It’s little wonder, then, especially after a winter like this, that man dreams of controlling the weather: to

divert hurricanes and tornadoes, cause perfect rainfall for crops, create optimum sunshine or snow for resorts, turn deserts into fertile lands, or just change the weather at whim or will. Except for attempts at rainmaking or cloud seeding, it remains a dream, more fiction than science.

Making rain involves seeding a cloud from an airplane with silver iodide. It’s a simple process that sometimes turns the cloud vapor into rain, but any further attempts at weather modification are fraught with problems. “There are any number of cases in the free world where weather modification has been tried but discontinued because of political pressures,” says John Bergsteinsson, a meteorologist with the Saskatchewan Research Council in Saskatoon. “You might have a rip-snorter of a storm and the perception is that it is caused by scientists fiddling around with the atmosphere. There have also been massive lawsuits in the flooding of sewers or waterways because people believe it was caused by cloud seeding.”

For the most part, however, man knows too little about weather to modify it. Says Bergsteinsson: “You can bung dry ice into a cloud and make a cloud rain if you’re lucky, but that’s not really modifying the weather. The atmosphere is too complicated. It’s just beyond our reach. Even the smallest

hurricane is larger than the entire human energy system. So it’s a little difficult to believe that we can deliberately modify it. To change it we are going to have to identify some key trigger mechanism to harness the energy, but that is beyond our present reach.”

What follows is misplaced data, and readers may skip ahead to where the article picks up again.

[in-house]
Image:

There is, however, a major man-made climate change coming—but it will be a long and slow process. While the earth has been in a cooling stage for decades, most scientists agree that phase ended in the 1960s. Now, however, in addition to the weather affecting man, man is affecting the weather by sharply increasing the carbon dioxide (C02) content of the atmosphere. The impact of this tampering is called the “greenhouse effect,” and it has dramatic implications for the future of man.

A large portion of the earth’s oil and coal supplies has been burned—by industry, heating and through war—in the past 100 years, and scientists estimate that what is left will be burned within the next 200 years if the current rate of consumption continues. While plants remove some C02 from the atmosphere, normal process of natural decay, fire and oxidation return equal amounts. Man’s destruction of the forests, however, as well as intensive farming and mining—which release

long buried C02—are putting more C02 into the atmosphere than can be taken out.

“A reasonable best guess is that 20 years from now the average global temperature will be as warm or warmer than at any time in the past 1,000 years, and it will still be rising,” a meeting of the American Association for the Advancement of Science was told in Toronto in January. The report, prepared

by the Aspen Institute for Humanistic Studies in Boulder, Colo., said the existing C02 concentration in the atmosphere is 15 to 20 per cent higher than it was in 1900 and that it could double by 2000. That doubling of C02 in the atmosphere will cause an average global temperature increase of between 1.5° and 4.5° Celsius.